To be standardized, a test procedure must have scientific acceptance as the most meaningful assay for the toxic effect. Toxicity testing can be very specific for a particular effect, such as dermal irritation, or it may be general, such as testing for unknown chronic effects.
Standardized tests have been developed for the following effects:
Species selection varies with the toxicity test to be performed. There is no single species of animal that can be used for all toxicity tests. Different species may be needed to assess different types of toxicity. The published literature (such as via PubMed) and online databases (such as TOXNET) should be searched for information from non-animal and animal studies, as well as for possible best approaches, most applicable species, and strains and gender of a species. Here are two examples:
In some cases, it may not be possible to use the most desirable animal for testing because of animal welfare or cost considerations.
Rodents and rabbits are the most commonly used laboratory species because they are readily available, inexpensive to breed and house, and they have a history of producing reliable results in experiments.
The toxicologist attempts to design an experiment to duplicate the potential exposure of humans as closely as possible. For example:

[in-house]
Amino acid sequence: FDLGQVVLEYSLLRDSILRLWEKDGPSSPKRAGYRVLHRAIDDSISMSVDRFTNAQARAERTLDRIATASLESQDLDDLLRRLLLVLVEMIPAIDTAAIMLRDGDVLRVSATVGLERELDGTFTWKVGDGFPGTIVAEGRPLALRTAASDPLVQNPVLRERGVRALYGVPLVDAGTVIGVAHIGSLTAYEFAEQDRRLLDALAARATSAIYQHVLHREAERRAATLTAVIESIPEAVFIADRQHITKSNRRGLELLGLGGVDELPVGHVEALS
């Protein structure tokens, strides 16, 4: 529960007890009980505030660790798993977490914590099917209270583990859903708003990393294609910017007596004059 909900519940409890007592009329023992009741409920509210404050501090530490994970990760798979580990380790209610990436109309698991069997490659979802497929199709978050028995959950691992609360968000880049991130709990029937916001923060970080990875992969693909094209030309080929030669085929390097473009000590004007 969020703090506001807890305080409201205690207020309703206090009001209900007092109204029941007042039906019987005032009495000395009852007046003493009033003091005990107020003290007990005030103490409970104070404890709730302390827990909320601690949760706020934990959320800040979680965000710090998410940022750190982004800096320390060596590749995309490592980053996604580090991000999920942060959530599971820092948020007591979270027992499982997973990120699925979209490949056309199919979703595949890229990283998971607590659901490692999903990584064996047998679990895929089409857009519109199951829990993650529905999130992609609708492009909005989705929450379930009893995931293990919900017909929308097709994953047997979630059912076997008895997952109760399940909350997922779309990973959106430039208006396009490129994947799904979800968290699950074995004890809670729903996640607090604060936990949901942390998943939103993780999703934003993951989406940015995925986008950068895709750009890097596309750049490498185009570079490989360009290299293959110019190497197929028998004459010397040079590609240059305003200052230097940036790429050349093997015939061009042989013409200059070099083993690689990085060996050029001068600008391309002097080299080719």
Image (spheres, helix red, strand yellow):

Figure 3. Rodents have commonly been used in animal testing
(Image Source: iStock Photos, ©)
Historically, acute toxicity tests were the first tests conducted. They provide data on the relative toxicity likely to arise from a single or brief exposure, or sometimes multiple doses over a brief period of time. Standardized tests are available for oral, dermal, and inhalation exposures, and many regulatory agencies still require the use of all or some of these tests. Table 1 lists basic parameters historically used in acute toxicity testing.
|Species||Rats preferred for oral and inhalation tests; rabbits preferred for dermal tests|
|Number of animals||5 of each sex per dose level|
|Dosage||Three dose levels recommended; exposures are single doses or fractionated doses up to 24 hours for oral and dermal studies and 4-hour exposure for inhalation studies|
|Observation period||14 days|
Table 1. Acute toxicity test parameter
Subchronic toxicity tests are employed to determine toxicity likely to arise from repeated exposures of several weeks to several months. Standardized tests are available for oral, dermal, and inhalation exposures. Detailed information is obtained during and after the study, ranging from body weight, food and water consumption measurements, effects on eyes and behavior, composition of blood, and microscopic examination of selected tissues and organs.
Table 2 lists basic parameters previously used in subchronic toxicity testing.
|Species||Rodents (usually rats) preferred for oral and inhalation studies; rabbits for dermal studies; non-rodents (usually dogs) recommended as a second species for oral tests|
|Number of animals||10 of each sex for rodents; 4 of each sex for non-rodents per dose level|
|Dosage||Three dose levels plus a control group; includes a toxic dose level plus NOAEL; exposures are 90 days|
|Observation period||90 days (same as treatment period)|
Table 2. Subchronic toxicity test parameter
Chronic toxicity tests determine toxicity from exposure for a substantial portion of a subject's life. They are similar to the subchronic tests except that they extend over a longer period of time and involve larger groups of animals.